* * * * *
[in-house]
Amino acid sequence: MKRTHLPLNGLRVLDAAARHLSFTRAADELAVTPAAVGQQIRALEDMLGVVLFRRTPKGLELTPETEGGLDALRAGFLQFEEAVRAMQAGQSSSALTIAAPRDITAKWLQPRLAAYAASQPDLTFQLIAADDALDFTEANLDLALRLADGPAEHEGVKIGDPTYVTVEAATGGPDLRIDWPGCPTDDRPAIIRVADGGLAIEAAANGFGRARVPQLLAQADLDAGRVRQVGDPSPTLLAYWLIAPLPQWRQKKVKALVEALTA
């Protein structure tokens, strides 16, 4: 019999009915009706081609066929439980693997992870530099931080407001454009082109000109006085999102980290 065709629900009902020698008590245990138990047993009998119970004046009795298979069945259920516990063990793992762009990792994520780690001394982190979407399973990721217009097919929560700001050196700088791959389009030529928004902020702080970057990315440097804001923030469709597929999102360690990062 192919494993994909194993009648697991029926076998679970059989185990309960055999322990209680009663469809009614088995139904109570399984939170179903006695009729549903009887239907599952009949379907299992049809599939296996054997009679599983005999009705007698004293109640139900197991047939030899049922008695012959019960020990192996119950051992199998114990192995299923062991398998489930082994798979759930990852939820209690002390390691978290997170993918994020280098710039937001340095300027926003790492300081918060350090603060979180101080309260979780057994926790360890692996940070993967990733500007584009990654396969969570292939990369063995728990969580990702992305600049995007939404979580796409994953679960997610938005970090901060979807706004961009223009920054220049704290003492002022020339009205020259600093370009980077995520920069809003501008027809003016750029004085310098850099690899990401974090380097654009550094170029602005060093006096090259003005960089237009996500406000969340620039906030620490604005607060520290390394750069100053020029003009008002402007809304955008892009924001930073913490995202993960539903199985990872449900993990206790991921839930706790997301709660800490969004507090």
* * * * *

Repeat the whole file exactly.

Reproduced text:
[in-house]
Amino acid sequence: MKRTHLPLNGLRVLDAAARHLSFTRAADELAVTPAAVGQQIRALEDMLGVVLFRRTPKGLELTPETEGGLDALRAGFLQFEEAVRAMQAGQSSSALTIAAPRDITAKWLQPRLAAYAASQPDLTFQLIAADDALDFTEANLDLALRLADGPAEHEGVKIGDPTYVTVEAATGGPDLRIDWPGCPTDDRPAIIRVADGGLAIEAAANGFGRARVPQLLAQADLDAGRVRQVGDPSPTLLAYWLIAPLPQWRQKKVKALVEALTA
């Protein structure tokens, strides 16, 4: 019999009915009706081609066929439980693997992870530099931080407001454009082109000109006085999102980290 065709629900009902020698008590245990138990047993009998119970004046009795298979069945259920516990063990793992762009990792994520780690001394982190979407399973990721217009097919929560700001050196700088791959389009030529928004902020702080970057990315440097804001923030469709597929999102360690990062 192919494993994909194993009648697991029926076998679970059989185990309960055999322990209680009663469809009614088995139904109570399984939170179903006695009729549903009887239907599952009949379907299992049809599939296996054997009679599983005999009705007698004293109640139900197991047939030899049922008695012959019960020990192996119950051992199998114990192995299923062991398998489930082994798979759930990852939820209690002390390691978290997170993918994020280098710039937001340095300027926003790492300081918060350090603060979180101080309260979780057994926790360890692996940070993967990733500007584009990654396969969570292939990369063995728990969580990702992305600049995007939404979580796409994953679960997610938005970090901060979807706004961009223009920054220049704290003492002022020339009205020259600093370009980077995520920069809003501008027809003016750029004085310098850099690899990401974090380097654009550094170029602005060093006096090259003005960089237009996500406000969340620039906030620490604005607060520290390394750069100053020029003009008002402007809304955008892009924001930073913490995202993960539903199985990872449900993990206790991921839930706790997301709660800490969004507090």